• Misc – £50/ £121.92/ £81.77. Misc payments this month:
    • £40-odd at Dunelm for bathroom furnishings
    • £30-odd on chicken feed
    • £50 on bathroom fittings

In the garden:

Everything is starting to come up, my favourite time of year in the garden. We have: two types of tomatoes, two types of potatoes, two types of onions, radishes, salad leaves, lettuces, courgettes, spring onion and various beans. The clematis is in flower and the raspberry is shooting up canes. All good things.

Goals for next month:

  • Sell £100 worth of stuff
  • Finish my portfolio spreadsheet
  • Get two extra blog posts out
  • Remortgage
  • Set up new bank accounts

What’s in the pipeline: (Life continues to get in the way of blogging)

  • Our wedding pricetag
  • How I calculate my net worth
  • Stoicism and the finance world
  • Green Credentials
  • Property Renovation Lessons Part III
  • Plus the usual Full English Accompaniments and other drivel…

Happy May everyone,

The Shrink

References:

  1. https://uk.whogivesacrap.org/
  2. https://www.ethicalconsumer.org/home-garden/shopping-guide/toilet-paper
  3. https://www.ethicalsuperstore.com/
  4. https://reboapp.co.uk/
  5. http://liberate.life/index.php/2019/05/01/track-portfolio-rebo/

The Financial Dashboard – March 2019

The goals for March were:

  • Sell £100 worth of stuff
  • Finish the raised beds
  • Calculate and set a budget for Personal spending
  • Look at other ways to reduce environmental footprint
  • Purchase first stock investment

Checking the assets and liabilities:

Assets March 2019

Liabilities March 2019

These are taken, as always, from my Beast Budget spreadsheet. This month my net worth grew by £2,871, 9.46%! This was due to an unexpected but welcome tax rebate due to overpaying at some point earlier in the year- my tax codes bounce about a bit. Another momentous month too, as this was the first time my liquid cash (emergency fund and savings pot) was greater than my unsecured debts (credit cards and family loans). I put another £200 on my 5% Santander saver, paid down our wedding loan to a family member and paid off £1000 of my credit card. The remaining tax boon went in a S&S ISA – more on that below.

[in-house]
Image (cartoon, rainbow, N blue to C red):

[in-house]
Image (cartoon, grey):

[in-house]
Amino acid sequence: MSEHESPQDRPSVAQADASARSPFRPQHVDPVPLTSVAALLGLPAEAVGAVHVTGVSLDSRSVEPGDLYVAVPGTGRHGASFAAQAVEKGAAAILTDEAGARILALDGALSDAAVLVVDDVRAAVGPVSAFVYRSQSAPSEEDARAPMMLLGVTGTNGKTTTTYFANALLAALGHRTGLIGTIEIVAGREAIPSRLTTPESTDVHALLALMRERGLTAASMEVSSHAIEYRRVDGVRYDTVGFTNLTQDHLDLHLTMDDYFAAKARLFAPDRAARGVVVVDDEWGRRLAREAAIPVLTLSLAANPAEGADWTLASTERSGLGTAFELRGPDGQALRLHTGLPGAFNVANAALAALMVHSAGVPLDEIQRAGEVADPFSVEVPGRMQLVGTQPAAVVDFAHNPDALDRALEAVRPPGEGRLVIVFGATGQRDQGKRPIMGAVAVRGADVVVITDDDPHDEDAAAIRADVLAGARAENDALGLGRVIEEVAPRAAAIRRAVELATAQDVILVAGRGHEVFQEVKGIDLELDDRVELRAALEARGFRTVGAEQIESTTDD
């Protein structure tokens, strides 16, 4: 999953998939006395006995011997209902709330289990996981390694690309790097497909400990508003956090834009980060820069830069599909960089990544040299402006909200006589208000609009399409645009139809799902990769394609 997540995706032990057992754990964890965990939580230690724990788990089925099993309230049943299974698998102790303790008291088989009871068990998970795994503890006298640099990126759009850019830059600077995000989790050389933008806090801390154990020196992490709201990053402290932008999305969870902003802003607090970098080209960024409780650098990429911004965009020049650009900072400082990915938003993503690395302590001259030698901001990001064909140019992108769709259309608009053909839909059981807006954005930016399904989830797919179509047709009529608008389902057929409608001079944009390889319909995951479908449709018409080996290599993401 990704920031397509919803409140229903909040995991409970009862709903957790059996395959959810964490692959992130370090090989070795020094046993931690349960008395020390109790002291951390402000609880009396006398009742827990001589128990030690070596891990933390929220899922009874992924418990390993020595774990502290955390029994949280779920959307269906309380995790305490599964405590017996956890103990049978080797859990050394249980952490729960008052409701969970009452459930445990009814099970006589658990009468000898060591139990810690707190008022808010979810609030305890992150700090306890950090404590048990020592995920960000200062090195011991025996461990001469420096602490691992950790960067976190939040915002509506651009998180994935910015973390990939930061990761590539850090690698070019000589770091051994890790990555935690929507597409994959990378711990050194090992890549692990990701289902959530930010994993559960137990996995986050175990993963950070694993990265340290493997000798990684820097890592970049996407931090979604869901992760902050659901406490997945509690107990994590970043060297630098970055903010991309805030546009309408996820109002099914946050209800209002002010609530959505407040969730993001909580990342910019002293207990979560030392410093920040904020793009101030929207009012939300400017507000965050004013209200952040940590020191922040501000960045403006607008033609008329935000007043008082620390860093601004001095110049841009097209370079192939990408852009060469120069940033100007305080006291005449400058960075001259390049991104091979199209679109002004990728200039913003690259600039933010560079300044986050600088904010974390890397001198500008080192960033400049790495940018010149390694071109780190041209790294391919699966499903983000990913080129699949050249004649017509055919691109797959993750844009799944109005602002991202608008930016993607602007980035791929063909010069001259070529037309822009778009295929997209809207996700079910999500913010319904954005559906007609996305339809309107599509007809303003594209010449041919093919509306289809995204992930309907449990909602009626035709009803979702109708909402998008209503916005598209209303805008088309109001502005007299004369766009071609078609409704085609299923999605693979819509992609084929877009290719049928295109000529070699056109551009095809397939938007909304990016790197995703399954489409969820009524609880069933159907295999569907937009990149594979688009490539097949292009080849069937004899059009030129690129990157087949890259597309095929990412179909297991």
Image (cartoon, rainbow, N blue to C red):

Goals:

Goal failed: Sell £100 worth of stuff

Failed this. I managed to sell another £50 worth of car parts, but I’ve been royally dicked about trying to sell some furniture and other spare household stuff. Interest has been strong, but lots of “best price m8?”, “would you take [1/2 list price]?”, topped off by some people coming to view an item desperate for it but refusing to pay and demanding delivery. Choosing beggars.

Goal achieved: Finish the raised beds

Now complete and planting has commenced. I got fed up of trawling gumtree for a few bags of soil here and there, so ended up paying £60 for two tons of topsoil to be delivered. It’s otherwise been a free project made of scavenged pallets, so not complaining too hard.

Goal achieved: Calculate and set a budget for personal spending

My old budget for personal spending was plucked out of thin air. In an effort to continue to properly track my budget I’ve moved some more categories under this heading. It now includes my clothing budget, gifts for people, trips to the barber, books, CDs, DVDs, computer games and any music. Looking over the past 12 months my spending is a bit all over the place, varying from £5.50 to ~£300, which makes sense when you include clothes. My plan from now on is to put aside £100 a month to pay for these items and then see how it looks in a years time.

Goal failed: Look at other ways to reduce environmental footprint

Started looking at changing cars, electric bikes… all sorts. Haven’t had time this month to actually summarise the relevant thoughts. Will return.

Goal achieved: Purchase first stock investment

The tax rebate went straight into a S&S ISA with Vanguard to the tune of £1,000. Showing impressive skill, I purchased at a six month high for my chosen fund (Dev World Ex-UK). An immediate lesson in market timing and not checking too frequently. More details in my Q1 review.

Budgets:

  • Groceries – Budget £300, spent £158.58, last month £207.01. Looking good for my Q1 goals.
  • Entertainment – Budget £150, spent £76.50, last month £92.
  • Transport – Budget £460, spent £329.90, last month £405.44. Spending a lot more on petrol with my new commute.